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Le hubo for El Pichirilo


Órale, the feature for this last episode about El Pichirilo is the expression le hubo. It’s abbreviated Spanish for it just was or just happened. In Caló, it means the end of whatever was being talked about. If the topic is a movie, then le hubo refers to the climax. If you’re talking about a low tank of gas, le hubo means you finally burned the last drop. If it’s about somebody’s life, then le hubo refers to death. And so on and so forth. The expression is related to the term la voy hacer (I’m gonna do it), except that it’s already done. It’s the phase that comes after you’ve announced that you’re leaving or disengaging.

El Pichirilo was 30 years old when le hubo, and of course it took a lot of drama and an epic event to get it there.

Le hubo came to the pichirilo on a beautiful Sundary afternoon at the sandhills. The vato had driven there to party with his cauches (friends). He spent the day in the sun surfing the dunes. When he finally decided to hacerla, a pile of friends asked to go with him.

“Órale, but be careful with the upholstery and body paint, cuz as you know my ramfla has never had a scratch,” the vato admonished his friends.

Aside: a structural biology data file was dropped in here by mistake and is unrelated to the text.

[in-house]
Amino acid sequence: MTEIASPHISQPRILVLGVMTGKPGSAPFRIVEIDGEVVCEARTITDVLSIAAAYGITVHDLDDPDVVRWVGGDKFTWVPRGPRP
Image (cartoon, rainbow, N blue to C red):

Indeed the pichirilo had never been dented or scratched, neither on the inside nor outside. All its equipment was still original. Although it had its famous quirks and faults, it still didn’t burn oil and shifted quietly from gear to gear. But for its age, it was a handsome and popular car, and the vato was quite proud of it.

As they were going down the highway back to the Southside with the radio volume on high, they came upon a traffic jam, where traffic had come to a halt.

Then just before they came to a complete stop, a big cargo truck barreled into them without braking. The pichirilo, because it was an old model ramfla made of a thick metal body and frame, absorbed the impact and shielded its passengers. But the momentum of the truck drove the pichirilo from the rear of the stalled line to the middle, shoving cars out of the way like a snow plow clears four inches of snow from the road surface.

The vato and everybody else in the ’49 Buick Chieftain saw what was happening in slow motion. They crashed into car after car, their cab compressing around them with every collision. When they finally came to a stop, the big truck ended up on top of them, and the pichirilo had contracted so compactly that they were squinched in tightly against each other.

As they became aware of what had happened, they noticed the radio was playing an oldie by Sunny Ozuna.

“Talk to me. Talk to me. I love the things you say. Talk to me. Talk to me in your own gentle way….”

It took hours for them to be freed from the wreckage.

“Ya le hubo to El Pichirilo,” the vato said when they were all finally out and his ramfla was being hauled away, radio still playing.

Oscar Rodriguez is the creator and host of Caló.